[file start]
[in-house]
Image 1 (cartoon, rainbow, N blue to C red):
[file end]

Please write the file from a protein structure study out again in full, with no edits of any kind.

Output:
[in-house]
Image 1 (cartoon, rainbow, N blue to C red):